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The flag flies at half-staff at the Supreme Court on the morning after the death of Justice Ruth Bader Ginsburg, 87, Saturday, Sept. 19, 2020 in Washington. (AP Photo / J. Scott Applewhite)

Just 44 days before President Donald Trump’s reelection will be decided, Republicans are looking to a Supreme Court nomination fight to unite a deeply fractured party as it faces the very real possibility of losing the White House.

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President Bill Clinton looks on as Ruth Bader Ginsburg speaks after the announcement of her nomination to the Supreme Court in June 1993. (Sharon Farmer / National Archives and Records Administration)

She is known as the “Notorious RBG.” Supreme Court Justice Ruth Bader Ginsburg is celebrating a work anniversary this week. We reflect on her career with her son, James Ginsburg, and local attorneys.

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In this June 18, 2020, photo, Deferred Action for Childhood Arrivals (DACA) students celebrate in front of the Supreme Court after the Supreme Court rejected President Donald Trump’s effort to end legal protections for young immigrants in Washington. (AP Photo / Manuel Balce Ceneta)

President Donald Trump has made clear that as he embraces the culture wars in the months leading up to Election Day, he’ll put the Supreme Court in his crosshairs. 

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House Democratic impeachment managers, from left, House Intelligence Committee Chairman Adam Schiff, D-Calif., Rep. Jason Crow, D-Colo., Rep. Zoe Lofgren, D-Calif., and House Judiciary Committee Chairman Jerrold Nadler, D-N.Y., arrive for the start of the third day of the impeachment trial of President Donald Trump at the Capitol in Washington, Thursday, Jan. 23, 2020. (AP Photo / J. Scott Applewhite)

It’s day two of opening arguments in the impeachment trial of President Donald Trump, and House managers are laying out their case for abuse of power. A former Supreme Court clerk offers his take on the proceedings so far.

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In this July 31, 2019 file photo, then-national security adviser John Bolton speaks to media at the White House in Washington. (AP Photo / Carolyn Kaster)

After a two-week recess, the battle over President Donald Trump’s impeachment trial has resumed, but former national security adviser John Bolton’s announcement that he would be willing to testify before a Senate trial may have changed the dynamics of the fight.

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President Donald Trump listens during a roundtable with governors on government regulations in the Cabinet Room of the White House, Monday, Dec. 16, 2019, in Washington. (AP Photo / Evan Vucci)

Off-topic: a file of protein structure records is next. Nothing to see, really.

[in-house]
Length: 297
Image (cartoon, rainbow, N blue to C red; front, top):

With the House of Representatives racing toward an impeachment vote, President Donald Trump will likely become the third president to face a Senate trial. A look at what’s known about that process.

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Stanford University law professor Pamela Karlan testifies before the House Judiciary Committee on Wednesday, Dec. 4, 2019. (WTTW News)

The House Judiciary Committee holds its first hearing as it weighs articles of impeachment against President Donald Trump. Local law professors Tom Ginsburg and David Franklin discuss the testimony and what lies ahead.

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Judge Brett Kavanaugh discusses Roe v. Wade during his confirmation hearing before the Senate Judiciary Committee on Wednesday, Sept. 5, 2018.

Former U.S. Supreme Court clerks weigh in on Brett Kavanaugh’s raucous confirmation hearings – and his chances for confirmation.

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Supreme Court nominee Brett Kavanaugh speaks Monday, July 9, 2018 as President Donald Trump looks on.

The battle has just begun over President Donald Trump’s Supreme Court nominee to replace Justice Anthony Kennedy.

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(Matt H. Wade / Wikipedia)

A look at the cases to watch as U.S. Supreme Court decisions start rolling in.

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Justice Antonin Scalia was known for his biting dissents and sharp wit. But who was the man behind the black robes? Four former Supreme Court clerks join "Chicago Tonight" to talk about the late justice.

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The Supreme Court’s new term started the first Monday in October. The court docket includes hot-button cases on political campaign contributions, abortion rights, free speech, affirmative action, public prayer and presidential power. We hear from three former Supreme Court clerks about the issues before the court and how cases are chosen.

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The Supreme Court punts a case on affirmative action in college admissions back down to the lower court. Read the decision.